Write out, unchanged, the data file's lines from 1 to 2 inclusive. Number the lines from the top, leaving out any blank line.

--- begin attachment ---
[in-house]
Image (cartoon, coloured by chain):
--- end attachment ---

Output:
[in-house]
Image (cartoon, coloured by chain):